Posted by: 2stepsback | April 12, 2007

Who needs AJAX

Now that I’ve got your attention with that title 🙂 let me show you these:
http://www.cs.cmu.edu/~maverick/VimColorSchemeTest/index-html.html
and
http://www.enomaly.net/dynapi/examples/dynapi.gui.loadpanel.html

Basically, they use inline frames instead of Updating parts of web pages (DOM nodes) using AJAX. There ought to be many other such scripts as well.

So now, you don’t need to either fear, awe or struggle over AJAX to assemble a page that has parts loading dynamically. You *do* need to know Javascript though. It’s possible that you invest the same amount of time (that you would’ve invested in learning Javascript) in learning popular AJAX techniques instead, but the inline frames idea gives (me for one) a comfortable feel that there already exists a logical structure to do partial dynamic uploading of your web pages. Btw, AJAX is essentially Javascript, so don’t jump. What I mean by “invest time in learning Javascript” is gaining expertise in Javascript like you do in other non-scripting languages like Java and C/C++.

/* My fave Javascript rant start */
[rant]
The single biggest mistake that mot ordinary web developers commit today is to think of Javascript as DHTML. I don’t know of any language called DHTML. I know of Javascript. And it’s not really an operation in assembling Lego blocks. It’s surprising how Javascript editors and IDEs are far less in number than C/C++/Java editors and IDEs. Javascript is *not* Dynamic HTML. There is no “dynamic” HTML. HTML is static. CSS comes to close, but it’s CSS. So you need to *study* and learn Javascript, not just “throw some scripts into the page”.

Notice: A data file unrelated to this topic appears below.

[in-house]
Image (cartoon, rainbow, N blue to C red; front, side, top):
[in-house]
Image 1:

[/rant]
/* end */

Coming back, you can quickly hack up a set of functions to load any iframe node in your final page with the HTML from a normal HTML file (containing only as much information as is needed for the small rectangle in which it is to be shown), using the url/src property of the iframe. That’s it! You could do it with normal frames as well, as long as you would not get confused.

Then there is the big argument that saving pages and book marking pages becomes a royal pain.

Saving:
One only needs to think a little: you have the DOM with you, you have the DOM of the iframe’s HTML file with you, you know how to traverse DOMs – you can make a separate popup page with all the correct HTML in it and the user can save it
Bookmarking:
Same as above plus a “Bookmark Me” button on your main page or on the popped up page.

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